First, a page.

home (almost) a week

Miranda interrupted my reading of our “naptime book” (so nicknamed because we read it every day at nap time) this afternoon to inform me, “CaiQun is loved, and I am loved.” In that moment, my heart was so full. She is getting it. She remembers what I tell her every day after we finish reading our naptime book. Even if she doesn’t fully comprehend at this point what that means, she is absorbing it as truth.

I think that’s a picture of a lot of our week this week. Miranda is more fully making the transition from being an only child to being one of two children in our family, and that’s hard stuff. Honestly, I think Matt and I were so focused on preparing for the attachment and bonding and adoption-related difficulties we might encounter as we added CaiQun to our family that we somewhat under-prepared for the normal challenges that face any family adding a second child. We’re working through it, though – disciplining for disobedience but offering hugs, snuggles, and quality time for our firstborn. This morning Matt and Miranda went out for a daddy-daughter date, and she was ecstatic. Of course, the prospect of a Panera cookie for breakfast didn’t hurt.

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And we actually witnessed our girls playing together this afternoon before their nap – not both attempting to play with the same toys and getting in each others’ way, not even mere parallel play, but actually playing together. So sweet.

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And little CaiQun is settling into her place in our family more and more. It’s beautiful to see this transformation occurring before our eyes. I remember reading that getting to know your adopted child is often like peeling back the layers of an onion – it’s not an all-at-once kind of thing, more of a learn-a-little-more-each-day kind of thing.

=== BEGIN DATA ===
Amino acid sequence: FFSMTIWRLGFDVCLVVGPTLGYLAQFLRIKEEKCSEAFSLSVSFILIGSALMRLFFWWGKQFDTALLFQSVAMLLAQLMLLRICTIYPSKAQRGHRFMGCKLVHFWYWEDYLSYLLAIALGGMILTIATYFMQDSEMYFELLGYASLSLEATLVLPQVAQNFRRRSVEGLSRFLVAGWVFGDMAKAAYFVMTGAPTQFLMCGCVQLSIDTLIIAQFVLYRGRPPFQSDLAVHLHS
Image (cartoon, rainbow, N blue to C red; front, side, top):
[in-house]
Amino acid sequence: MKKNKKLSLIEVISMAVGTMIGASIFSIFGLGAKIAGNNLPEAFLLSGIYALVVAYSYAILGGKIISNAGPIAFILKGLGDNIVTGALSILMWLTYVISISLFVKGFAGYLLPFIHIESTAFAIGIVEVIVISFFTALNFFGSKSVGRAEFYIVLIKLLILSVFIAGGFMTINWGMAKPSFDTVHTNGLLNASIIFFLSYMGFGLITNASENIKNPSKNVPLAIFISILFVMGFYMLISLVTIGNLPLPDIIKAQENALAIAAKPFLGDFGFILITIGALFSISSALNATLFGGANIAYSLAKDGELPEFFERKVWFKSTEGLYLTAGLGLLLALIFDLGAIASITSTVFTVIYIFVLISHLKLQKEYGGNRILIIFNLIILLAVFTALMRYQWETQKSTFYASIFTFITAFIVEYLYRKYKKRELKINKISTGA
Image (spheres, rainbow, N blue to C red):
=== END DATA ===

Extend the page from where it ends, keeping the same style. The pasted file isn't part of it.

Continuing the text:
CaiQun no longer goes to sleep on her own within minutes of her head hitting the pillow, never moving from the position in which we lay her down. No, now my girl knows that there are snuggles to be had, so she stays awake through the before-bed reading and singing of songs and waits for the opportunity to snuggle close to her mommy, hold her blanket and her stuffed hippo (sent by whom? there was no note in the box – please let me know if it was you! she loves it!), and be rocked to sleep. It’s a joy to see those “easy” but atypical behaviors that were cultivated out of necessity during her life in an orphanage begin to disappear and be replaced by a desire for love and care.

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Of course, just as Miranda does not yet fully understand what it means that both she and CaiQun are loved, CaiQun does not yet fully understand what this transformation in her life means. I have no doubt that she is enjoying being with us – the smiles and laughter that never appeared in any photo of her we received from her time in the orphanage are now constantly present. However, we have known each other for less than 3 weeks. I suffer no delusions that she completely grasps the difference between orphanage and family or between nanny and parent. She seems to be attaching to us beautifully. She reaches for us for comfort and reassurance; she keeps a careful eye on us when others are here, making sure she knows where we are; and she seems so much more at ease with us than she did at first. But we haven’t even hit the 3 week mark in this new adventure of being a family of four. We’re still very much building foundations.